Beneficial Effects of Green Tea—A Review
Carmen Cabrera, PhD, Reyes Artacho, PhD, Rafael Giménez, PhD
Departamento de Nutrición y Bromatologı́a, Facultad de Farmacia, Universidad de Granada, Granada, SPAIN
Key words: green tea, polyphenols, catechins, antioxidant activity, human health
Tea is the most consumed drink in the world after water. Green tea is a ‘non-fermented’ tea, and contains
more catechins, than black tea or oolong tea. Catechins are in vitro and in vivo strong antioxidants. In addition,
its content of certain minerals and vitamins increases the antioxidant potential of this type of tea. Since ancient
times, green tea has been considered by the traditional Chinese medicine as a healthful beverage. Recent human
studies suggest that green tea may contribute to a reduction in the risk of cardiovascular disease and some forms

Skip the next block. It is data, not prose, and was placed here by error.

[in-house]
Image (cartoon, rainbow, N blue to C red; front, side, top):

of cancer, as well as to the promotion of oral health and other physiological functions such as anti-hypertensive
effect, body weight control, antibacterial and antivirasic activity, solar ultraviolet protection, bone mineral
density increase, anti-fibrotic properties, and neuroprotective power. Increasing interest in its health benefits has
led to the inclusion of green tea in the group of beverages with functional properties. However, although all the
evidence from research on green tea is very promising, future studies are necessary to fully understand its
contributions to human health, and advise its regular consumption in Western diets, in which green tea
consumption is nowadays limited and sporadic.
Key teaching points:
• Green tea contains numerous components with antioxidant activity: polyphenols (especially catechins), minerals, vitamins.
• Green tea contains more catechins than black or oolong teas.
• The strong antioxidant potential of catechins, and especially EGCG, are widely demonstrated in vitro and in animal studies. In
addition, catechins possess antimutagenic, antidiabetic, anti-inflammatory, antibacterial and antiviral properties.
• Recent human studies